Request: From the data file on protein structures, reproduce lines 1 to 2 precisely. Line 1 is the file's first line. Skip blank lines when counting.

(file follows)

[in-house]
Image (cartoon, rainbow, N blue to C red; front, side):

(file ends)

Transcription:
[in-house]
Image (cartoon, rainbow, N blue to C red; front, side):